Although Hudur had been captured from al-Shabaab by Ethiopian troops in March 2012, their withdrawal from the region resulted in the town falling back into the control of al-Shabaab.
On Thursday, a car bomb exploded near a café in Somalia’s capital city Mogadishu. The explosion occurred in an area close to the intelligence headquarters, with police officials indicating that at least seven people were killed. Sources have indicated that the café, which is located near the city’s Lido beach, was reportedly popular with security officials.
Police official Ahmed Mumin confirmed the explosion, stating “we have counted twelve civilians killed in the car bomb, but the toll could be higher as many people were also wounded.” Eight other people were wounded. Eyewitnesses have reported that the bomber targeted a security vehicle, with three members of the security forces amongst the dead. Al-Shabaab has claimed responsibility for this latest attack in Mogadishu. The militant group’s military operations spokesman, Sheikh Abdiasis Abu Musab, stated shortly after the blast that “today’s blast was part of our operations in Mogadishu and we shall continue.”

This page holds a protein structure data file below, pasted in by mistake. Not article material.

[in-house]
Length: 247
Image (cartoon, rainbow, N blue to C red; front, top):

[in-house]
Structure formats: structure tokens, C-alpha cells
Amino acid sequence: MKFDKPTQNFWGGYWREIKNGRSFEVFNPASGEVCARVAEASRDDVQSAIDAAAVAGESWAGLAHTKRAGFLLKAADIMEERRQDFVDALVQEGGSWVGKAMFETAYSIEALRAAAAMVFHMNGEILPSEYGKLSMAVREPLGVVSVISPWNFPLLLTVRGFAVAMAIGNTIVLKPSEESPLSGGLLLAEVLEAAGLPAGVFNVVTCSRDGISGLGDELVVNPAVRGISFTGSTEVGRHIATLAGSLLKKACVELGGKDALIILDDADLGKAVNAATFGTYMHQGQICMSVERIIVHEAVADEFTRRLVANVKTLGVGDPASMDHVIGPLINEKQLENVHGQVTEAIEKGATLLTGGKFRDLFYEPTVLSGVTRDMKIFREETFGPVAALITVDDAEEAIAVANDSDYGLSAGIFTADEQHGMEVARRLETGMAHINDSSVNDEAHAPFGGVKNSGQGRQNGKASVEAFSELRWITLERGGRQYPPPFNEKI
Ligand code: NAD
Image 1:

Thursday’s blast comes just a week after al-Shabaab militants carried out a major attack against the heavily fortified presidential palace, killing officials and guards in a fierce gun battle. It is also comes after a string of attacks that have been carried out in the capital city in what appears to be an apparent upsurge of al-Shabaab bombings in and around Mogadishu, with night-time mortar rounds fired into the vast, heavily guarded airport complex which also houses the 22,000-strong African Union force as well as foreign diplomats and aid workers.